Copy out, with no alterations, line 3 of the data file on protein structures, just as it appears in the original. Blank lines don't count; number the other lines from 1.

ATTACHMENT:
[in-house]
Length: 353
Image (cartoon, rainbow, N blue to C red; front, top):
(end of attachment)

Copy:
Image (cartoon, rainbow, N blue to C red; front, top):